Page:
Discover more from Underthrow
True. Beautiful. Good.
Our lives are nothing without the Big Three. They are our spiritual nourishment. It’s not merely that we must find them again. We have to fight like hell for them.
Social media personae get pulled into falsehood, ugliness, and evil. Hundreds of millions send signals from their perches on a Perverse Distribution Curve.
At one tail, there’s a pessimists’ arms race region called OUTRAGE. On the other tail, there is a post-modern danse macabre region called WHATEVER. In between, at the bulge of the bell curve, people cluster around some variation on a selfie—NARCISSISM.
Sometimes, therefore, a few of us ask ourselves:
Where has truth, beauty, and goodness gone?
Seems like most don’t care. Or they think the Big Three are passé. But even in an age of outrage, insouciance, and narcissism, we can’t forget that Truth, Beauty, and Goodness have been there all along.
It’s no wonder, though, that so many people are spiritually starved and mentally ill. The Big Three are air, food, and water.
Yet we are on the postmodern sea, waiting out a doldrum.
Water, water, every where,
And all the boards did shrink;
Water, water, every where,
Nor any drop to drink.
The very deep did rot: O Christ!
That ever this should be!
Yea, slimy things did crawl with legs
Upon the slimy sea.
About, about, in reel and rout
The death-fires danced at night;
The water, like a witch's oils,
Burnt green, and blue and white.
Maybe Coleridge wasn’t so much a poet as a seer.
For a while, truth has a way of playing hide-and-seek with us, like a child who thinks he’s invisible as he hides behind a sheer curtain. We claim we can’t see him. But, eventually, that child grows up and wearies of the game. If we continue to pretend after he’s ready to be acknowledged, he’ll have to slap us open-handed.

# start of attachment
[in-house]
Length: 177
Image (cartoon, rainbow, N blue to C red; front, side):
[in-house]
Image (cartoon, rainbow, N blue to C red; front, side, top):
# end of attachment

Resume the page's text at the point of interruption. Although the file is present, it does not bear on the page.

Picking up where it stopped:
Our lives are filled with a cacophony of phony voices, each announcing some hollowed-out version of reality. We sometimes retreat into our comfortable confines and pray the troubles go away—all to avoid hard truths.
Truth never skipped town.
Beauty lies in the eye of the beholder, they say, but it's not just our eyes but our hearts that discern it. With open eyes and a closed heart, beauty is invisible.
I admit to being the type who sometimes wanders through a blooming meadow and complains about the pollen. I remind myself to enjoy the twirling of petals in the breeze—and keep Kleenex in my pocket.
Anyway, the world has not become less beautiful. We’ve just become more preoccupied, lonely, and self-absorbed. But even for those of us who are addicted to our devices, there is a simple cure.
Now, goodness. That’s a peculiar thing. These days, it’s like water in a desert. Tales of malice and deceit go with our morning coffee. On YouTube, people use tall sans-serif letters to shout sensational headlines over pictures of shocked or troubled faces.
But for every scandalous item of gossip or disturbing news bite wrapped in a hot take, there are a thousand untold stories of kindness, helping hands, and words of encouragement. Practitioners of Goodness might even be a silent majority—for now, anyway.
As those practices fade, we’ll hasten our fall. The Golden Rule functions as a way out of perverse game-theoretical traps, but that takes more of us living the Rule in thought, word, and deed.
So maybe it was never that Truth, Beauty, and Goodness changed or disappeared. Maybe our perception of them has dimmed. Like gold covered in riverbed silt, the Big Three are waiting to be discovered, appreciated, and cherished. And once we find them, we must remind the world of their eternal splendor.
In some respects, this is our life’s mission. Sure, we want to pursue happiness or find meaning, but how are any such pursuits possible without the true, the beautiful, and the good?
The next time you find yourself on the Perverse Distribution Curve, as we all do from time to time, remember that our lives are nothing without the Big Three. It’s not merely that we must find them again. We have to fight like hell for them.
What greater value can we leave our children?